Removing large mirror glued to wall

Wish to remove a large cracked mirror glued to a bathroom wall. Thought is to duck tape it and then try to break it but wonder if there is a dremel tool for cutting glass that would be better to use?
Any suggestions.
Thanks
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the problem is that it's glued to the wall. even if you cut it, you'll still have to get it off the wall. chances are you'll have to just replace the drywall if you're not replacing the mirror.
using piano wire as a saw usually works. you can scrape off the remaining glue.
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<< wonder if there is a dremel tool for cutting glass >>
Such a cutting system would be way overmatched. Instead, buy a regular glass cutting (scoring) tool. Using the duct tape technique for safety, start at one side with a scored line, tap it with the tool as glass pros do (to propagate the crack) and gently pry the section away from the wall. Repeat as necessary with some common sense precautions like having a robust container handy, covering the floor with cardboard to keep glass shards from damaging it, etc. HTH
Joe
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dryearwood(nospamplse)" <"dryearwood(nospamplse) wrote:

A glass cutter would probably work; score it into sections then break it (cover it with a towel or something). Is there anyway to get a thin saw blade behind it (hacksaw blade or bandsaw blade)?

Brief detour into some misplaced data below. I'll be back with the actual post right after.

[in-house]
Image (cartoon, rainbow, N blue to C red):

Man. Glued to the wall. Bummer.
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This is a multi-part message in MIME format. --------------050200050102030605080105 Content-Type: text/plain; charset=us-ascii; format=flowed Content-Transfer-Encoding: 7bit
Not possible to get anything behind it.
John Harlow wrote:

--------------050200050102030605080105 Content-Type: text/html; charset=us-ascii Content-Transfer-Encoding: 7bit
<!DOCTYPE html PUBLIC "-//W3C//DTD HTML 4.01 Transitional//EN"> <html> <head> <meta http-equiv="Content-Type" content="text/html;charset=ISO-8859-1"> <title></title> </head> <body text="#000000" bgcolor="#ffffff"> Not possible to get anything behind it.<br> <br> <br> <br> John Harlow wrote:<br>
<pre wrap="">dryearwood(nospamplse)" &lt;"dryearwood(nospamplse) wrote: </pre> <blockquote type="cite"> <pre wrap="">Wish to remove a large cracked mirror glued to a bathroom wall. Thought is to duck tape it and then try to break it but wonder if there is a dremel tool for cutting glass that would be better to use? </pre> </blockquote> <pre wrap=""><!---->
A glass cutter would probably work; score it into sections then break it (cover it with a towel or something). Is there anyway to get a thin saw blade behind it (hacksaw blade or bandsaw blade)?
Man. Glued to the wall. Bummer.
</pre> </blockquote> </body> </html>
--------------050200050102030605080105--